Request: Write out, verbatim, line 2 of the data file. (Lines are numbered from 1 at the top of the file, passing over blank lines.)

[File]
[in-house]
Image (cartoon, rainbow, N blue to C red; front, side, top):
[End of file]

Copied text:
Image (cartoon, rainbow, N blue to C red; front, side, top):